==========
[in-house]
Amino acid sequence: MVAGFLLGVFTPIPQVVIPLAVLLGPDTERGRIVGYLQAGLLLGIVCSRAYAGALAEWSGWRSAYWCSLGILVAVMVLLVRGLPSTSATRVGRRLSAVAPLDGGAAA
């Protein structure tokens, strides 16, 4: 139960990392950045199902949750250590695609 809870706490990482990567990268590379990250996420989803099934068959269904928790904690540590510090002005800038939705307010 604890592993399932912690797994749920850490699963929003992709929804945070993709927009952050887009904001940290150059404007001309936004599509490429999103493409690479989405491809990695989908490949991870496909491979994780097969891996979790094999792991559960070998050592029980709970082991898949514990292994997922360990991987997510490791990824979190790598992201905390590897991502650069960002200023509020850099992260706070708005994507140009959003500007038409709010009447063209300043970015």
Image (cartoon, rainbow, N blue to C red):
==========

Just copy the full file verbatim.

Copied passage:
[in-house]
Amino acid sequence: MVAGFLLGVFTPIPQVVIPLAVLLGPDTERGRIVGYLQAGLLLGIVCSRAYAGALAEWSGWRSAYWCSLGILVAVMVLLVRGLPSTSATRVGRRLSAVAPLDGGAAA
């Protein structure tokens, strides 16, 4: 139960990392950045199902949750250590695609 809870706490990482990567990268590379990250996420989803099934068959269904928790904690540590510090002005800038939705307010 604890592993399932912690797994749920850490699963929003992709929804945070993709927009952050887009904001940290150059404007001309936004599509490429999103493409690479989405491809990695989908490949991870496909491979994780097969891996979790094999792991559960070998050592029980709970082991898949514990292994997922360990991987997510490791990824979190790598992201905390590897991502650069960002200023509020850099992260706070708005994507140009959003500007038409709010009447063209300043970015």
Image (cartoon, rainbow, N blue to C red):